But here, it is to note that the respected Madras HC has struck down the provision itself of a Central Act. So going back to the basic principles of Powers of Courts and resolution of conflicts, what does the Judgment effectively mean? I envisage few possible scenarios:
    1. Patent Agent Exam or Rules stating only Patent Agents can file Patents is not effective in State of Tamil Nadu and hence, anyone (including the learned graduates of the science of law, also known as advocates) would be immediately applying to register as Patent Agent (u/s 125) and enforcing the rights (u/s 127) and start filing patents in Chennai Patent Office.
    2. Everyone who does not lives in Tamil Nadu (including Pondicherry) would be rushing to Chennai Patent Office to get him/her registered u/s 125 and since the register is National in nature, start filing patents in any of the Patent Offices only because of the reason that their names are present (u/s 125) in the 'Register'.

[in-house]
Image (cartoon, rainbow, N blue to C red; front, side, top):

3. An appeal to Hon'ble Supreme Court is preferred and the decision is stayed to come into force immediately.
    4. Patent Agent Exam continues to take place, but not in the state of Tamil Nadu where the High Court thinks otherwise.

    I hope I am correct in understanding of the simple rules of jurisdiction and that the decision of HC does not in effect, removes the operation of Section 126 (qualifications of a Patent Agent) on a National Basis.


    1. Dear Prashant,
      Thanks for the detailed comment. First I'd like to clarify a few assumptions which your comment seems to make. The issue of the binding nature of a High Court's decision with respect to a central legislation is actually not that "simple", which is clearly borne out from the quality of the debate that has taken place on this issue over the years.